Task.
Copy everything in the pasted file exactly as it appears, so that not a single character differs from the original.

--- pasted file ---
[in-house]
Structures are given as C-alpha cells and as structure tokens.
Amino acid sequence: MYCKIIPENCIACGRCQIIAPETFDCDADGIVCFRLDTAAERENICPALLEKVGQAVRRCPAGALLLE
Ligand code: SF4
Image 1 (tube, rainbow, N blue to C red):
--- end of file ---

[in-house]
Structures are given as C-alpha cells and as structure tokens.
Amino acid sequence: MYCKIIPENCIACGRCQIIAPETFDCDADGIVCFRLDTAAERENICPALLEKVGQAVRRCPAGALLLE
Ligand code: SF4
Image 1 (tube, rainbow, N blue to C red):